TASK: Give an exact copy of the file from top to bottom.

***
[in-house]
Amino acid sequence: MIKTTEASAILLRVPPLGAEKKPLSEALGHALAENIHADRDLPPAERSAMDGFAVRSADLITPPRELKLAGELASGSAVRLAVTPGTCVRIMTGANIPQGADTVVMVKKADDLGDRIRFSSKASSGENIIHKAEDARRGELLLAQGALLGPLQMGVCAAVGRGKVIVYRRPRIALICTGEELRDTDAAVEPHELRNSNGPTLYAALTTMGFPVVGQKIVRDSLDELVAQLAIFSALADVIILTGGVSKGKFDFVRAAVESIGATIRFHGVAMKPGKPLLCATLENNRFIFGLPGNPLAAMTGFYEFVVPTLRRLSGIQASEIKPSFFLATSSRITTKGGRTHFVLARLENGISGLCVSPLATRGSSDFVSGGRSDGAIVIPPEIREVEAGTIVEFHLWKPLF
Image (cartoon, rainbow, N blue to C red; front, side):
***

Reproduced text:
[in-house]
Amino acid sequence: MIKTTEASAILLRVPPLGAEKKPLSEALGHALAENIHADRDLPPAERSAMDGFAVRSADLITPPRELKLAGELASGSAVRLAVTPGTCVRIMTGANIPQGADTVVMVKKADDLGDRIRFSSKASSGENIIHKAEDARRGELLLAQGALLGPLQMGVCAAVGRGKVIVYRRPRIALICTGEELRDTDAAVEPHELRNSNGPTLYAALTTMGFPVVGQKIVRDSLDELVAQLAIFSALADVIILTGGVSKGKFDFVRAAVESIGATIRFHGVAMKPGKPLLCATLENNRFIFGLPGNPLAAMTGFYEFVVPTLRRLSGIQASEIKPSFFLATSSRITTKGGRTHFVLARLENGISGLCVSPLATRGSSDFVSGGRSDGAIVIPPEIREVEAGTIVEFHLWKPLF
Image (cartoon, rainbow, N blue to C red; front, side):